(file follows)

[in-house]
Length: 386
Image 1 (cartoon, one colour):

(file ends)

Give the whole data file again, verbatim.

[in-house]
Length: 386
Image 1 (cartoon, one colour):